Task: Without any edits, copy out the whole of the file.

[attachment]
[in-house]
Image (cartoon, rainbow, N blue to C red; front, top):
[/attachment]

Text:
[in-house]
Image (cartoon, rainbow, N blue to C red; front, top):